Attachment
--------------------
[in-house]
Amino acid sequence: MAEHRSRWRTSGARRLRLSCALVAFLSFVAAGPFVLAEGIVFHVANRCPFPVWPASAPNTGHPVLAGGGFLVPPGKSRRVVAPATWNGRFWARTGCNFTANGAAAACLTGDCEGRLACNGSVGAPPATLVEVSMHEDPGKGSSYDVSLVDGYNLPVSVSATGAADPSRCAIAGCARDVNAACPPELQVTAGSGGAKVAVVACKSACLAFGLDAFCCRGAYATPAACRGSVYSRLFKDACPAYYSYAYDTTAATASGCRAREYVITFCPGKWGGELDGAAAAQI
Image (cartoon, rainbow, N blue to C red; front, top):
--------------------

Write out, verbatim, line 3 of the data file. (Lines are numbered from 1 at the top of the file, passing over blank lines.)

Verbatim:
Image (cartoon, rainbow, N blue to C red; front, top):